The first group of us arrived on site at the usual time to continue working while the rest enjoyed a brief Sunday morning lie in! As we were only working until lunchtime, we set ourselves a target of finishing the roof and ceiling. Nick, AJ and I were back on the plasterboard again and finally got it finished, 18 pieces and 350 screws after we started! The rest of the team got the roof finished with the exception of one corner which will need to be completed once the old house has been demolished.
We headed back to the hotel for lunch, which we ate in the hallway on the first floor because a wedding reception was in full swing in the main restaurant! We then decided to visit the families living in the houses that have been built by Grassroots over the last two years. The first was constructed using an almost identical method to this year’s so it was really good to see what we’re aiming for. Since the team left, the family have made it into a really nice home and seem very happy there. The house that was built two years ago is owned by Olivio (who came to help with the plastering yesterday). When it was built they were about to foster two children so the church decided to build them a larger house with two floors. As it was a larger job, the English team completed most of the structure before handing it over to a local team to finish. Since then Olivio has spent a lot of time decorating it himself.
We drove straight from Olivio’s house to the church in Monari (the village where we are building the house). Although the visible purpose of our trip is the house, Grassroots also places a big emphasis on building relationships with the local people, and attending one of their church services is one way to do that. The church is Pentecostal with a small congregation of around twenty-five people. Morning services last for three hours but we chose to go to the 6pm service which is just two hours long! When we arrived there were only three people there, but as the service got underway more people drifted in as they finished tending to their animals and other daily chores, including the mother and grandmother of the family we are building for. We were very lucky to have Ady with us as he translated everything that was said, though singing hymns in Romanian was quite challenging! We stayed for half an hour after the service to talk to the villagers, who couldn’t stop saying how grateful they are for the work we are doing in the village. They certainly made us feel very welcome.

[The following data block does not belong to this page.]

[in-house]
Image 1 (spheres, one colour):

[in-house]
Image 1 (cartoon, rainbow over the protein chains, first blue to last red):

Back at the hotel we had another late dinner, much of which was the leftovers from the wedding. The food has generally been good at the hotel, and served on big platters for everyone to share. Romania is a big meat eating country but they have been very accommodating to me with a special vegetarian option each night. The speciality seems to be deep fried cheese which I have had a number of evenings already!